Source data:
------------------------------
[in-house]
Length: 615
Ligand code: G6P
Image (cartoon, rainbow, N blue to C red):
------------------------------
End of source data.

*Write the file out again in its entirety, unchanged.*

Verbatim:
[in-house]
Length: 615
Ligand code: G6P
Image (cartoon, rainbow, N blue to C red):